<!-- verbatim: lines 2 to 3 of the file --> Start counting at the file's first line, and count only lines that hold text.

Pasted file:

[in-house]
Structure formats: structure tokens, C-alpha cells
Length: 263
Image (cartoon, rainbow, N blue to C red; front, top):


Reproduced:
Structure formats: structure tokens, C-alpha cells
Length: 263